Parliamentary Puzzle 3: What Do Peers Do?

By Dr Ben Worthy reports on an visit by Baroness Bakewell to the Department of Politics Parliamentary Studies course

This post originally featured on our sister blog, 10 Gower Street.

In our Parliamentary Studies course, Baroness Bakewell of Stockport, the President of Birkbeck, spoke to the class about her experience as a Peer in the House of Lords.

Baroness Bakewell spoke of how it felt to be appointed to the House of Lords in 2011. As you would expect, the House of Lords is a very traditional place. The tradition is contained within the buildings and space as well as the ceremonies and rituals, from the grand state opening to the forms of address between members (called ‘Peers’).

It is also a rather calm and ‘nice’ place. Politics and debate is conducted in an ordered way and Peers regulate themselves in discussion. Unlike the House of Commons down the corridor, members are often towards the end of their professional career with less ambition and, most importantly, no pressure to be re-elected. For a great exploration of how it feels to be there, I’d recommend a look at Dr. Emma Crewe’s anthropological study.

Yet, as Baroness Bakewell explained, the House of Lords is more than this ‘nice’ place. First, it is a highly expert place. Baroness Bakewell pointed out that the Lords contains a high number of the very people you would want in any ‘revising chamber’ – lawyers. It also has academics, surgeons and members of the military (as well as plenty of ex-politicians), many of whom continue with their professional careers part-time.  Sitting in on debates, she said, means you always learn something.  To get an idea of the variety, see this table of expertise from 2010 study by Meg Russell and Meghan Benton.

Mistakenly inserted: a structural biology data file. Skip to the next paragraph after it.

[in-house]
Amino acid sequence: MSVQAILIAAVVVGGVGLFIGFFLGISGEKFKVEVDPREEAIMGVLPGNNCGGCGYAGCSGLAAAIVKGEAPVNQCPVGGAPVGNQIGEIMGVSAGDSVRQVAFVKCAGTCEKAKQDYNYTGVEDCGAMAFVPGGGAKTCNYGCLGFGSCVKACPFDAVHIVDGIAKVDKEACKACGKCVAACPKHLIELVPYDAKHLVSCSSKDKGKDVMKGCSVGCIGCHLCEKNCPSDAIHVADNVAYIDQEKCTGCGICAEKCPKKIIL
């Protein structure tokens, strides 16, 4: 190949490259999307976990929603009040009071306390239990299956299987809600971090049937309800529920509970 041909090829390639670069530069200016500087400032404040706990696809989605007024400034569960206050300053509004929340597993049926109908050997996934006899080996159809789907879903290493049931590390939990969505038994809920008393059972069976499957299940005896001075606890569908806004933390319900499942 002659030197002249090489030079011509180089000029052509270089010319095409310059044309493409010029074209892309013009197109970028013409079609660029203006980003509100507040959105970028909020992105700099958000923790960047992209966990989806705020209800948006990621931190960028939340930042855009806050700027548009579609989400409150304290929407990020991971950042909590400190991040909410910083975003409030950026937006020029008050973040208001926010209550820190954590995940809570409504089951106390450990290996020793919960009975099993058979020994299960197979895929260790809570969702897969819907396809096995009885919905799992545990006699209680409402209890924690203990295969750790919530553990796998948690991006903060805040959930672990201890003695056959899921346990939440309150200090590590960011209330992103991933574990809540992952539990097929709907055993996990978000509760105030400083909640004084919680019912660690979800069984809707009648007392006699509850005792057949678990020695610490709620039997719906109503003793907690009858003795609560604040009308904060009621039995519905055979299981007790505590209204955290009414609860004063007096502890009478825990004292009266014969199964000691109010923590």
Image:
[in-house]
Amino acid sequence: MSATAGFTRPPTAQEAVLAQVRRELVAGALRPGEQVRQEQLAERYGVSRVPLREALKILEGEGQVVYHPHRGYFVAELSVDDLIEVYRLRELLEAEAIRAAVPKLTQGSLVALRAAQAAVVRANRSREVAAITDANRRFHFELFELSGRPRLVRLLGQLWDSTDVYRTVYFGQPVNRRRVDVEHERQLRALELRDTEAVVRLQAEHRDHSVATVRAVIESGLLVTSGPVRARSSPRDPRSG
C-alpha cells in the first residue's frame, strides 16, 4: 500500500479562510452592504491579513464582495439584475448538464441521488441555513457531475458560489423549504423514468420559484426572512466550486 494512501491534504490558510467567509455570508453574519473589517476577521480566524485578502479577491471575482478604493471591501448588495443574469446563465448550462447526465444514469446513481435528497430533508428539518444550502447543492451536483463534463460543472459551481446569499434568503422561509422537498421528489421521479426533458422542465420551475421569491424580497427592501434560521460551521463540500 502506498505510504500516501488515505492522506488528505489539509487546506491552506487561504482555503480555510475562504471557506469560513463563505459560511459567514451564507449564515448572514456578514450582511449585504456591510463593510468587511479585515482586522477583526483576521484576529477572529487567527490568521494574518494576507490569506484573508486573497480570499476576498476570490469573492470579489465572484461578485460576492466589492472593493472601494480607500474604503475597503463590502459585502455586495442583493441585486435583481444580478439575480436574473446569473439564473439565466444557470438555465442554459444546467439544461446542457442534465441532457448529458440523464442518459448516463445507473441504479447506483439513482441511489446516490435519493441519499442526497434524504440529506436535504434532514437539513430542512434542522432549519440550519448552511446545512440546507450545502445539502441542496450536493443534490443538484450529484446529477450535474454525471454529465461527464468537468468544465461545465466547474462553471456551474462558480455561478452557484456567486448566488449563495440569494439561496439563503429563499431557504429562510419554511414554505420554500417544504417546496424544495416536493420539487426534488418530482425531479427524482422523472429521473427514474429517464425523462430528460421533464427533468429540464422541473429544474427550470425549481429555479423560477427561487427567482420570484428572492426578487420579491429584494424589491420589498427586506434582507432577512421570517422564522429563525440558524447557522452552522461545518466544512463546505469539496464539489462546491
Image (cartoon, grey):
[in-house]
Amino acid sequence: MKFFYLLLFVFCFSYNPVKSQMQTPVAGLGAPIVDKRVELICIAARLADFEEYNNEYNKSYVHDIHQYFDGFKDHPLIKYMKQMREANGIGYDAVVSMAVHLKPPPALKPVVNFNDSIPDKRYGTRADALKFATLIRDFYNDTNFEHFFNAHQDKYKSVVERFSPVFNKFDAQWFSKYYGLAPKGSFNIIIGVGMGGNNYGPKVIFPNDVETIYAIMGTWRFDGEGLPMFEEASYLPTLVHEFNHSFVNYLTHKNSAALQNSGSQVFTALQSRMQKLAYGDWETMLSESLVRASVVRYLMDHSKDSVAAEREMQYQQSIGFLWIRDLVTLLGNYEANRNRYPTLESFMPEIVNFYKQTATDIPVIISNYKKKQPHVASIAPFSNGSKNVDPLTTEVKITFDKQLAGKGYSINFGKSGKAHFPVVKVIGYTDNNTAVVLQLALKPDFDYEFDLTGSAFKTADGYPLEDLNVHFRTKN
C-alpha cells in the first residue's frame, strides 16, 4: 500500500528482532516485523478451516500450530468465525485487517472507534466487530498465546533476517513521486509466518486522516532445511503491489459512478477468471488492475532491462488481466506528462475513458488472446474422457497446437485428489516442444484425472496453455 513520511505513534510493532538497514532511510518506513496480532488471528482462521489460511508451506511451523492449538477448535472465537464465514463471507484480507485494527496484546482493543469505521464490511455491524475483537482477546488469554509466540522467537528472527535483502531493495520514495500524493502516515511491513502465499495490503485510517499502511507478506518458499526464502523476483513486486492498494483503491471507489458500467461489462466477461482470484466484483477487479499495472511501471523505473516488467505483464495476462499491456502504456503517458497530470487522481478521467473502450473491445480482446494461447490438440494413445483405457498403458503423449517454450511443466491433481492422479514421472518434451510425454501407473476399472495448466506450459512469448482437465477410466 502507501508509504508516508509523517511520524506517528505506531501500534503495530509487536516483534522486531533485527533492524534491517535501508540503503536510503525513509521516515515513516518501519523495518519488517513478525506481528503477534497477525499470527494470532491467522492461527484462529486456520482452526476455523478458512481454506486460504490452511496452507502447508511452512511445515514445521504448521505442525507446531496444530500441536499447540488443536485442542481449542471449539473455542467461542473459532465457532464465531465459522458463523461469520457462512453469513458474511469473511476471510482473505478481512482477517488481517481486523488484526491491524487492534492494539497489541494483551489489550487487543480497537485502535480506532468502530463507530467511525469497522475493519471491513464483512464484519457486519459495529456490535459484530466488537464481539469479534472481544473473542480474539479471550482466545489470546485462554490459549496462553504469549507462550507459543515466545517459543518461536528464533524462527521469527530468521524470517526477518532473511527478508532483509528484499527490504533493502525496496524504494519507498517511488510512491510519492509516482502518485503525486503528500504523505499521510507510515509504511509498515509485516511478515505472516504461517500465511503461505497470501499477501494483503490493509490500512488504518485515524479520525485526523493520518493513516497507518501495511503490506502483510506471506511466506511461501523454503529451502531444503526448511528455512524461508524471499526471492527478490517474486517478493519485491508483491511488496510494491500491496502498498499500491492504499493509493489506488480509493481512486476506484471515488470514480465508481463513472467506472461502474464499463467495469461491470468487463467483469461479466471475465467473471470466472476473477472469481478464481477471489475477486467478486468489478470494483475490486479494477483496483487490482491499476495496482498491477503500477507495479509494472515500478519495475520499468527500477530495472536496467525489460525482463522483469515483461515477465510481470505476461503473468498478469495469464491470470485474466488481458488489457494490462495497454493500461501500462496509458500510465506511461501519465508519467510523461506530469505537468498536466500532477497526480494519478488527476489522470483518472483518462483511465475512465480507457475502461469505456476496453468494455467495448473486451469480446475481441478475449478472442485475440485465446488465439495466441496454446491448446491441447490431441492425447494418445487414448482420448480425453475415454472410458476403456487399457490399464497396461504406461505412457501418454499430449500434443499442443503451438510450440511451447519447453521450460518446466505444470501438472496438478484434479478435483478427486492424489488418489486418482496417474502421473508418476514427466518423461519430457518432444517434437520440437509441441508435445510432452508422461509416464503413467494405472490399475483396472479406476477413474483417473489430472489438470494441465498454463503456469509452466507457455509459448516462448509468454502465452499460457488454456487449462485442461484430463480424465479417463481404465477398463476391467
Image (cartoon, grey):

This means that discussion in the House of Lords is often backed up with knowledge. This expertise means the Lords can and, increasingly, will question and, ultimately, temporarily block government legislation. Baroness Bakewell had just returned from debate around the  Anti-Social, Crime and Policing Bill. In this case, the House of Lords rejected the government proposals after a lengthy analysis of its clauses.

Second, the House of Lords is also changing. The composition is shifting . In fact, up until the last General Election in 2010 there were more women in the upper (unelected) House of Lords than in the lower (elected) House of Commons. Not only is it changing in terms of numbers. Its opening up to the world and spending more time explaining what it does-see this great collection of House of Lords bloggers. There’s also the brand new Lords Digital Chamber which brings together the tweets, blogs and videos of all the Peers.

Our ideas about the House of Lords come from the images and ideas about privilege, tradition and aristocracy. But it isn’t all like that. The House of Lords is changing. As Baroness Bakewell pointed out, it’s more professional, more knowledgeable and more assertive. Governments should beware.

The Department of Politics would like to thank Baroness Bakewell for taking the time to speak with the staff and students.